An instructive example of the Vilna Gaon's technique of combining kabbalistic elements in order to disclose the secrets of the Torah and resolve exegetical difficulties can be found in this week's reading. With regard to the verse, "Give thought to Your servants, Abraham, Isaac, and Jacob, and pay no heed to the stubbornness of this people, its wickedness, and its sinfulness" (Deut. 9:27), the Vilna Gaon says that the merit of the patriarchs atones for sins. However, there are various levels of wrongdoing: the least is sinfulness, the next more serious is wickedness, and the most severe is stubbornness. The seven upper sefirot are for the ancestors of our people, the first three being for Abraham, Isaac, and Jacob. Abraham is on the right, and his trait is that of kindness (hesed). Isaac is on the left, and his trait is that of heroism (gevurah), while Jacob is a combination of these two, his trait being that of glory and mercy.
With these elements he explains all the components of this verse. Only Jacob, whose trait is glory and mercy, can defend the people when it comes to their stubbornness. Abraham, who stands for kindness, can defend them when it comes to their wickedness; and Isaac, who stands for justice, defends against sinfulness. The Vilna Gaon points out the connection between these levels and the names of the patriarchs. The third Hebrew of letter of Abraham's name is resh, alluding to the cancellation of wickedness (resha). The third letter of Isaac's name is het, alluding to the cancellation of sinfulness (het), and the third letter of Jacob's name is kof, alluding to the cancellation of stubbornness (koshi). The Vilna Gaon also ties in their initials, which tradition claims were written on the flags of the camps.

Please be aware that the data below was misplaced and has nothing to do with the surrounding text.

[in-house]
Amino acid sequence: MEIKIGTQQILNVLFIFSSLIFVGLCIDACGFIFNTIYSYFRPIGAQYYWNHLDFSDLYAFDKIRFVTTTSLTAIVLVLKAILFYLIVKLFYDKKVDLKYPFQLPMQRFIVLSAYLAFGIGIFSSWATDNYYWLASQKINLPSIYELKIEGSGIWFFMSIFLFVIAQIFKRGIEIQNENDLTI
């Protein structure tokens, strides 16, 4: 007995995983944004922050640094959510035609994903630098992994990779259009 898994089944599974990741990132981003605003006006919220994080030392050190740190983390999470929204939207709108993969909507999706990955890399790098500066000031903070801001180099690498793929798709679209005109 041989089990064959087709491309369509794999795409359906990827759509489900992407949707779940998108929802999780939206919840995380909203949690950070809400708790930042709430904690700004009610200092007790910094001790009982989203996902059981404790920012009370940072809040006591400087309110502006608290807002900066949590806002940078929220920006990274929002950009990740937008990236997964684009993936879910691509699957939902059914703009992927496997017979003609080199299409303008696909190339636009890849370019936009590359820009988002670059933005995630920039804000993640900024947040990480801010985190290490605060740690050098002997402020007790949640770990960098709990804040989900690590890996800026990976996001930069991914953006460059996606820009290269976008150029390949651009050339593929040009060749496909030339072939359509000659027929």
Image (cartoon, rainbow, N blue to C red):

This interesting interpretation was ascribed in the literature of past generations to the Vilna Gaon, although recently scholars have begun to cast doubt on this attribution. Let us review the developments concerning this interpretation. At first, scholars had difficulty finding the source indicating that the initials of the fathers appeared on the tribal flags. This gave legitimacy to their claim that the remark was an "incomprehensible matter" that was totally unfounded and which led them to doubt its attribution to the Vilna Gaon. In truth, however, this idea goes back to Sefer ha-Shelah ha-Ka(Rabbi Isaiah ben Abraham ha-Levi Horowitz, 16th century), who in turn relied on an earlier Rabbi who preceded him: